Nutrition and cost value food rating system introduced

A food rating system that analyzes both nutrition and cost value, the first of its kind, was introduced at the American Dietetic Association's Food and Nutrition Conference and Expo by University of Washington professor Adam Drewnowski, reports Supermarket News.

Drewnowski's Affordable Nutrition Index (ANI) creates a nutrition-value-per-dollar score. Carrots, sweet potatoes and broccoli top the ANI scale, while oranges and bananas are the top-scoring fruits in the index. Vegetable soups are also among the most affordable, nutritious foods.

Guided by recommendations in the U.S. Dietary Guidelines for Americans, ANI calculates a food score based on nine nutrients to encourage including: protein, fiber, iron, calcium, potassium, magnesium and vitamins A, C and E, and three nutrients to limit: saturated fat, added sugars and sodium.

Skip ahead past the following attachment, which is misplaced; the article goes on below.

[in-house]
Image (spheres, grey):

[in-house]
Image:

Price data was gathered from the Center for Nutrition Policy and Promotion 2001-2002 database, a 2008 survey of Seattle supermarkets and soup prices from Campbell Soup Co., which also supported the research.

 "The obesity epidemic in this country has the potential to get even worse if people are unable to find nutritious choices they can afford and that also fit with their lifestyle," said Drewnowski, in a statement. "I'm hoping the Dietary Guidelines set to be released in 2010 will include the importance of affordable nutrition in its recommendations."